7. talk with the students like you've never talked before. ;) Let them repeat from the text they have worked with (provided that they really have worked with a text), altered or not, the most important is that they get to use what they've seen, untill they are comfortable with it. Let them ask question and try to change what they have learned to say slightly different things, through exercises and conversation.

8. Teach them useful expressions and idioms. This will feel good for the students, and it's important that they're not stuck with just translating word by word from english/their mother tounge. Learning grammar hardly helps here.

9. Teach them about the daily use of the language all along the course, from the start to the very end.

10. And of course teach them the most useful sentences early in the course and provide them with an overview over the grammar rules for references, these wlll help them both during the course and after the course.

NOTE: This is just how I most easily learn a language and would like to see a course.

I'll come back with more if you like ...

sorry about typos, spelling mistakes and overall bad language


Anya
Sunday 24th of September 2006 10:21:27 AM
Helene,

I agree with your points wholeheartedly! That is how I would want to be taught and that's what I believe is good starting point: to teach in a way that you would want to be taught.

Javier, great article and learning tool, I read/skimmed through all of it and it was very helpful too.

I have a few things to add:
I think in starting and teaching how you would want to be taught, you also then should maintain an openness to the students' learning styles. It is not primarily your experience in teaching, it is a two way street. The student learns what you are teaching, but they also teach you how to teach them better. It is a keen teacher that pays attention to that.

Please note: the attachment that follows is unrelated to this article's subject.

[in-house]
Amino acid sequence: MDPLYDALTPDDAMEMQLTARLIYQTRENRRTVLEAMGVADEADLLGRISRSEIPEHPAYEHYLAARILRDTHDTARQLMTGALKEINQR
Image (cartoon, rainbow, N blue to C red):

A second point is to do a lot of review. Incorporate it into practice, bring up words that the students' know so that they can see their usage and gain confidence in their comprehension skills.

Also, respect the verbal pause. Especially when learning a new language, it is hard to start thinking in it right away, therefore it takes some time to come up with an answer, having translated it from another language and another construction. Many teachers are afraid of silence. It IS scary, uncomfortable, too long.... However, I believe that it can never be too long. Give the students' a chance to come up with an answer. This is a concept that I also struggle with very much... how to make the verbal pause LONGER. It is so wonderful to see a person make progress, and speak YOUR language, that all you want to do is speak faster with them, share more. But the key is to step back, slow down.

In writing a document for a lesson, always confer with a colleague. It may look amazing and correct, but another person's eyes are much sharper than our own. For this reason, I always tell my students to look for mistakes, to correct me. No one is 100% perfect, and when students see the mistakes the teacher makes, that means they are really learning the stuff you are teaching them.



Isabel
Friday 29th of September 2006 10:53:13 PM
Well, probably I’m going to repeat the same previous ideas (again off topic), but I just want to tell something about my experience, which is still very little. It's amazing making that statement, since it's my main occupation, but a teacher is always learning through his/her life, so I guess that I still have a lot to learn: different students lead to different methods and approaches. – that’s what it takes to a life long learning as a teacher.
Another aspect of my inexperience has to do with the teaching via internet, which is quite different from a teaching face-to-face. So, I still have some doubts about the best way of doing it. I’m always so concerned with grammar issues, since Portuguese grammar is difficult, that I might end up giving a dull lesson with only grammar. One aspect that I think is great, in this case, is that we are not dependent on the school curriculum which gives us (teacher and student) some freedom of choosing the subject, and follow only the necessary student’s needs.